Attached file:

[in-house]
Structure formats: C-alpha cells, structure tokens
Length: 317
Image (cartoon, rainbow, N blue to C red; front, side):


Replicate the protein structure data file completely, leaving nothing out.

[in-house]
Structure formats: C-alpha cells, structure tokens
Length: 317
Image (cartoon, rainbow, N blue to C red; front, side):